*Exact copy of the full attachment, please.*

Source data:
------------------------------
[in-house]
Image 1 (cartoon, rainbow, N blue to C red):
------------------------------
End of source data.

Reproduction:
[in-house]
Image 1 (cartoon, rainbow, N blue to C red):